Section 1: Chronological Summary 1970 - 2008


Gunn Point prison farm opened

The prison farm was opened in 1973 following concerns about over-crowding in Fannie Bay. The farm held 40 low security prisoners, and reports on the farm were generally favourable. The facility was closed in 1996.

The first of the three Hawkins and Misner reports are published

The Hawkins and Misner reports recommended wide-ranging changes to the Northern Territory corrections services, and set the agenda for correctional services reform in the Territory for the next decade. Their recommendation to decriminalise public drunkenness was quickly enacted by the Territory government.

Report of the board of inquiry appointed to inquire concerning the liquor laws of the Northern Territory

This report recommended the decriminalization of ‘public drunkenness' in the Northern Territory. At the time, one third of prisoners in Territory jails had been convicted of public drunkenness.


The Select Committee appointed to Inquire into Prisons and Prison legislation

The Ward Select Committee was formed in 1972 to inquire into the administration of the Northern Territory criminal justice system. The Committee endorsed the findings of the Hawkins and Misner reports, particularly in relation to public drunkenness statutes, as well as the treatment of juvenile offenders and the mentally ill.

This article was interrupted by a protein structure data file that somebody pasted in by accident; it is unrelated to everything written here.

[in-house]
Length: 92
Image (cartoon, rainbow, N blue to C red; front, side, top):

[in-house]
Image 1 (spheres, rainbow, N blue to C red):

Changes to the Summary Offences Act decriminalised public drunkenness.

The Northern Territory government became the first jurisdiction in Australia to decriminalise public drunkenness, in recognition of the role that public drunkenness statutes played in the Territory's high incarceration rate.


Northern Territory probation service begins

In 1978, the Northern Territory began formalising the administration of corrective services with the establishment of a probationary service.


Fannie Bay Goal closes, and the Darwin Correctional Facility (Berrimah Prison) is opened

Berrimah Prison was designed to address many of the shortcomings of Fannie Bay identified in government inquiries. In particular, the prison provided specialist facilities for juvenile, remand and female prisoners, and the management of the prison was designed to reflect new thinking about prisoner rights and rehabilitation.